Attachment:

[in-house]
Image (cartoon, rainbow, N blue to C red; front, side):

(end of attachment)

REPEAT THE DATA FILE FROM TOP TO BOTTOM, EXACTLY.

[in-house]
Image (cartoon, rainbow, N blue to C red; front, side):